It would be great if they had mentioned to do a 'service wash' on your machine first to get rid of all the detergent sludge (hottest wash possible with no contents, just a little bit of Vanish, vinegar, or soda). Plus to do the cleaning with a pure soap like Dreft or a technical version (like Techwash), remembering to rinse twice so as not to leave a hydrophilic detergent residue on the surface of the DWR (i.e. pointless to have a water-loving coating to your garment)
Would change one aspect & that is to get people to do a 'service wash' on their machine before washing/ reproofing with specialist solutions
If you read the instruction booklet that comes with the machine it is mentioned, but I have yet to meet a person who has read their machine's one! This means to do a 90 deg wash with no detergent in (after cleaning the draw - best using boiling water). If you must you can always add a little detergent additive (something like Vanish) or vinegar/ soda crystals. The main objective is to remove the detergent sludge (left over stuff like the stuff that accumulates in the rubber rand of the door)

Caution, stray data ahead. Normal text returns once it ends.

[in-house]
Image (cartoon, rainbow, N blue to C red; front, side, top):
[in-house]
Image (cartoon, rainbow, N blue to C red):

A machine should have a service wash every 20 washes or so to keep it clean/ efficient/ running for longer
Some have suggested the reason why this is not promoted more heavily is that the sooner your machine goes wrong - the sooner it needs to be replaced...
By getting rid of the detergent leftovers you will allow the DWR revitalisation to happen better, plus give a better chance for those 30 deg wash cycles to actually clean effectively
This is the type of thing that us people at Wrap know, but it seems no one else does!